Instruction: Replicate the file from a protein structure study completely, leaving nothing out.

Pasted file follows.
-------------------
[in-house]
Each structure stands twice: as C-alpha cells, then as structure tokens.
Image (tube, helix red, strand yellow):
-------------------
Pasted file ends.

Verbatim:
[in-house]
Each structure stands twice: as C-alpha cells, then as structure tokens.
Image (tube, helix red, strand yellow):